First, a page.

In addition, I have often collaborated with other artists and designers to create specific installations and performances, and made scents or objects that push the boundaries between people, between people and space and between people and objects. I am still dealing with performances. I have just finished a collaboration with an artist for an installation, where I am evoking the memory of the scent of a person who has long gone.


How do you make a fragrance?

For my own line of products, I focus on perfumes, body oils, room fragrances and soaps that are all unisex. I love it when people share their scents. Another issue is time. My work takes up a lot of time, because everything is handmade. I produce everything in small quantities, the Silhouette Collection, for example, is actually made on order and takes two weeks to be delivered.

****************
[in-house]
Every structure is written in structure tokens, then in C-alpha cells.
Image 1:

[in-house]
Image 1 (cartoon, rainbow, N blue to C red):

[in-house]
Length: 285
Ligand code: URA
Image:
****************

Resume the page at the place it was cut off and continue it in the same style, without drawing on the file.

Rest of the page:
What is the difference between your various collections?

Scent-wise, I am composing different types of perfumes, that are all niche fragrances. My handmade soaps contain more botanical notes from essential oils. For example, I also add extracts, macerates, clays, herbs, milk or natural color like charcoal as additives with a cleansing or with another function. I do not use artificial colours, additives, preservatives and the like. My perfume creations and body oils are different and special, something between botanical/floral, however marked with a fine fragrance.

A few essential oils created by Lize Witte. Above: Jux, Handmade Fragrance Übermut.

My Silhouette Collection stands out because and the scents are fine fragrance compositions.


Where do you start with a fragrance?